MUNICH – Opel/Vauxhall said today it will cut 8,300 jobs as part of a five-year plan that aims to reduce capacity by a fifth, refresh 80 percent of its product lineup and bring the company into profit by 2012.
The General Motors Co. division said the 11 billion euro ($15 billion) plan requires 3.3 billion euros to run the company during the restructuring and it will ask European governments with Opel/Vauxhall operations for loans or loan guarantees of 2.7 billion euros toward the sum.
Opel will press ahead with the closure of its factory in Antwerp, Belgium, as part of its plan to reduce capacity to match weaker demand for new cars.
The company said the plan includes a strategic push into alternative propulsion technology that will see the launch of an extended range electric vehicle in addition to the Opel Ampera, a sibling to the Chevrolet Volt.
"Opel/Vauxhall has a clear vision to be a leading European manufacturer of high quality, desirable automotive products, based on German engineering,” CEO Nick Reilly said in a statement.
Reilly said external auditors Warth & Klein have said the carmaker's plan is viable and, based on that assessment, the company has now formally applied for loans or loan guarantees from the German government. Germany is home to half of Opel's 48,000 workforce.
Reilly said Opel has asked Germany for 1.5 billion euros and will seek a further 1.2 billion euros from the UK, Spain, Poland and Austria.
Opel said the viability plan envisions that 80 percent of the company's carlines will be three years old or less by 2012. This includes eight major launches this year such as the Meriva, Corsa, Movano and Astra Sports Tourer and another four in 2011, including the Ampera, Europe's first extended range electric car.
Opel will also spend 1 billion euros on fuel-efficient powertrain technology including introducing pure battery-electric vehicles in smaller-size segments, start/stop technology, downsized engines and expanding LPG and CNG applications.
The company also has accelerated efforts to introduce a minicar below its Corsa subcompact Corsa and will make a strong push in the light commercial vehicle business.
Opel also is studying whether it can profitably export vehicles to Asia-Pacific and the Middle East, a demand that has come from labor unions in a bid to boost unit sales and keep factories busy.
Labor asked to accept plan
Reilly asked labor representatives to accept the plan. Labor leaders and management have clashed over plans to close Antwerp, a move one union leader called a "declaration of war."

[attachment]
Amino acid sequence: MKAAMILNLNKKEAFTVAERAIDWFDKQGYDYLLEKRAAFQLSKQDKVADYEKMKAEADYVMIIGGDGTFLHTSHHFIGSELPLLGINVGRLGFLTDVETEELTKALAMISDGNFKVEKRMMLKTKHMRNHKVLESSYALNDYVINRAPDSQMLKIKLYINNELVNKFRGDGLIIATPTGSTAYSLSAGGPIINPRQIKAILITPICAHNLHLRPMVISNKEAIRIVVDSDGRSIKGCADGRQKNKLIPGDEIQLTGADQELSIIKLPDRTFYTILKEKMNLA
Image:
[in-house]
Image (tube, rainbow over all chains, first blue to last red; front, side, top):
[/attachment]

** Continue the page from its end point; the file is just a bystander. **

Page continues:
Demanding that Antwerp stay open, labor has frozen negotiations over contributing 265 million euros in annual savings over the next five years.
Representatives of European engineering unions plan to meet in Brussels on Feb. 23 to discuss the next steps at Opel.
The 8,300 job cuts include 4,000 in Germany and will be spread out across most of Europe. The reduction include the loss of 1,300 employees in sales and administration and 7,000 jobs in manufacturing.
Once the capacity reduction is implemented, Opel expects to run at 112 percent of its capacity on a two-shift basis and 87 percent on a three-shift basis.
It says it will have sufficient upside potential once the market starts to recover.
Reilly's plan for Opel to break even by 2011 and be profitable by 2012 is based on economic forecasts that 13.4 million cars will be sold in Western Europe this year, a reduction of more than 20 percent from 2007, and a continuing weak market "for quite some time."
Reilly has said that Opel has enough liquidity to operate "well into the second quarter."
Opel to develop its own cars
Future products will be developed at GM's international technical development center in Ruesselsheim.
"If they are based on a vehicle architecture developed elsewhere, they will return to Rüsselsheim early to ensure they deliver on the Opel/Vauxhall brand promise," a company statement said.
Opel said its Ampera electric car will be built by GM in the U.S. for an initial two to three years.
Reuters contributed to this report